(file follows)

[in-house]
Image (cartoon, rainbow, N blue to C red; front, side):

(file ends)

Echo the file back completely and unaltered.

[in-house]
Image (cartoon, rainbow, N blue to C red; front, side):